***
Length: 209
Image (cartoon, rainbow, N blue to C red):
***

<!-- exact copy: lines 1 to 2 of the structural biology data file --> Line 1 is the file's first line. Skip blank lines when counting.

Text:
Length: 209
Image (cartoon, rainbow, N blue to C red):